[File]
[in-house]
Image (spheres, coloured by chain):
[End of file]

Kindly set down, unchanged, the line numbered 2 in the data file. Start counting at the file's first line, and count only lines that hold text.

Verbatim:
Image (spheres, coloured by chain):